Your peg loops will need to be long enough to go round a tent peg while allowing for a decent anchorage on the tent fabric. The peg loops on our small tent are made from offcuts of leather, each approximately 2cm x 25cm and 2mm thick; the large tent uses larger and thicker loops. Make stitch holes with an awl, position the loop ends either side of the tent seams (see illustration), glue them in place, then stitch them down. A one or two person tent needs nine loops in the positions shown on the plan view below. There are two loops at the front - one on each of the flaps.

To hold the flaps closed we have used cloth ties, about 30cm long, made from parts of the leftover triangles. Alternatively you could use leather toggles similar to those known from some of the archaeological finds of dark age shoes. Having experienced the problems of untieing wet cloth ties with cold hands in the dark, toggles sound like a good idea, however experience with other peoples tents has shown that this is not necessarily a better alternative. The Utrecht Psalter appears to show ties done up in a bow and this is the style we have used. Make your closure fittings, but don't attach them yet. If you haven't done so already, make some poles and tent pegs, wait for it to stop raining and take everything to a convenient field or large garden. The moment of truth - put up the tent and adjust the height of the poles. Once you are happy that the tent has been pitched properly, attach the ties. We have reinforced the attachment points with leather patches. The Utrecht Psalter shows one of the flaps opened up and tied back outside the tent to a point roughly in the centre of the side. We haven't bothered with the outside tie as you can use a tent peg to hold back the flap by it's peg loop.

Saxon geteld tent plan view


Some people might argue about this, but we have never waterproofed our tents, and never had a problem. If you use thick enough fabric, construct and erect the tent correctly, and tie up the flaps during a downpour, you should remain snug and dry. We have found that light to moderate rain just runs off, while even heavy rain is held in the fabric and only drips inside if someone knocks the wall of the tent.

Care and Storage

Here are our top tips for a tear-free tent, with no apologies for stating the obvious.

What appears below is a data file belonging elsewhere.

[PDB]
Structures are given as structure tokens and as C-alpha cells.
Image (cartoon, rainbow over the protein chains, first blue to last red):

Don't put it away wet! Taking it home wet is sometimes unavoidable, but it should be hung up to dry as soon as possible; if not outside, then in a garage or a dry shed, or over the banisters and hanging down the stairwell (you may never see your banisters again).

Check the tent over for any tears, holes, or places where the stitching looks strained, and do any minor repairs before they become major ones. Small holes can be darned; larger holes or rips may need to be patched. Put some leather oil or polish on the peg loops every so often to keep them from going brittle. Check the poles for splinters, and rub them with linseed oil once in a while to keep them weatherproof. If you have metal bits at the ends of your poles, oil them too.

Learn to fold your tent! This may sound daft, but it can make a big difference to ease of transport and storage, and will help to keep it in good condition.

Store your tent canvas in a warm, dry place. Make a bag for it, and use it - being used as a cat or dog's bed will do nothing for it!

Store the poles somewhere cool and dry, preferably on their sides - failing that, prop them in a corner well away from direct heat, to avoid warp.

Have "putting the tent to bed for the winter" as a group activity. It provides a good excuse for everyone to sit around chatting, and nicely reinforces your group dynamic! And, of course, your tent will stay in good condition for longer if it's correctly stored.


The instructions in this article are provided without warranty, express or implied, and any use made of this article is entirely at your own risk. Ydalir Vikings and its members cannot be held responsible for any loss, damage, misuse or other action arising from such use.